Why was wife-killer Lowell Bruce hired by the San Diego Sheriff's department?
A Questionable Hire
By Lee Hazer, Clairemont
Voice of San Diego
July 14, 2009
Despite having the knowledge that Bruce failed the psychological test twice, and being rejected by at least eight other law enforcement agencies, he was still ultimately hired by the Sheriff's Department, and went on to fatally shoot his wife, the plaintiff's complaint said.
The lawsuit alleges the Sheriff's Department of "careless and reckless hiring policies or practices led to the issuing of a gun to Bruce, which then led to the death of Kristin."
But according to Judge Houston there is no direct link between the county's screening process for hiring purposes and the death of Kristin.
The plaintiffs did not demonstrate that the shooting was "a plainly obvious consequence of the hiring decision," a threshold that was established in 1997 by the U.S. Supreme Court, Houston said."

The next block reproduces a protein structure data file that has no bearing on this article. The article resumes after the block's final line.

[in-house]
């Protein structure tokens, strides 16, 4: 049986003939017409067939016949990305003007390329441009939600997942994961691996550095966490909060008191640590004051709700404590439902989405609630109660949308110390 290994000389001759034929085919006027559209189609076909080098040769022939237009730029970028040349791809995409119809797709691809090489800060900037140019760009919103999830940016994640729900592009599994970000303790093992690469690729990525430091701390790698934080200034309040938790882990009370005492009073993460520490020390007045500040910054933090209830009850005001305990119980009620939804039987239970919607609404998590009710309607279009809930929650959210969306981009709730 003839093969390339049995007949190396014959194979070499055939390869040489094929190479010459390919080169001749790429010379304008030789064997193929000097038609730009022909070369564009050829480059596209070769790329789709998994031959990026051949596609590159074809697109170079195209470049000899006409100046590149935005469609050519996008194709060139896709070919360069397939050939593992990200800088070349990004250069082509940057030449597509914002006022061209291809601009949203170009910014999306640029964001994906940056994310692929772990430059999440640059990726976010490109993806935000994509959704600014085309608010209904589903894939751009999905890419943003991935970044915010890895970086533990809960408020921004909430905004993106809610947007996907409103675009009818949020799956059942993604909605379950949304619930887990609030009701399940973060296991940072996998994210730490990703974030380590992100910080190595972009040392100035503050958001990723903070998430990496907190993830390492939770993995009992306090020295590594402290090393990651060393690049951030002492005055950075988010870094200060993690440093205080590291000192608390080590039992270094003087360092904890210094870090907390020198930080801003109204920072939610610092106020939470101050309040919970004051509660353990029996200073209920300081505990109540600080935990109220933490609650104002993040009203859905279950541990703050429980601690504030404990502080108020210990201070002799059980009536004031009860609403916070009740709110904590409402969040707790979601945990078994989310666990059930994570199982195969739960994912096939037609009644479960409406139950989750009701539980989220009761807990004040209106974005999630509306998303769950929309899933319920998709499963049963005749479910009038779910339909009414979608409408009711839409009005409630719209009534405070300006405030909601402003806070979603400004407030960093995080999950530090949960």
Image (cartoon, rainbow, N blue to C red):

Um..... The Sheriff's Department handed Bruce the murder weapon.
Maura Larkins' response:
Like most workplaces, I suspect the sheriff's department looks for employees who will "fit in" with the predominant culture of the staff. Quite possibly our sheriff's department rules out people who are too smart. (A court has found this practice to be legal.) Or maybe the applicant displaced by Lowell Bruce didn't like to drink. (See below.) I suspect that the sheriff's department could benefit from hiring some "different" types of people. People with different attitudes might help change the department for the better.
Drinking to fit in at the police academy
"The results showed that recruits socialize and drink more with colleagues after entering the Academy than they did pre Academy. The way recruits drank also changed during training with a tendency towards heavier drinking sessions. Further results indicated that recruits did feel some pressure to drink to fit in and be one of the crowd." (Page 3 of Does the Police Academy Change Your Life?)
"When asked what were some of pressures to drink in the Academy, 20% of recruits said peer pressure, 10% said to be one of the boys..."(Page 7 of Does the Police Academy Change Your Life?)